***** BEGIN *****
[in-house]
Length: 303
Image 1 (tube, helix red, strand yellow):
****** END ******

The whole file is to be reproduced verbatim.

[in-house]
Length: 303
Image 1 (tube, helix red, strand yellow):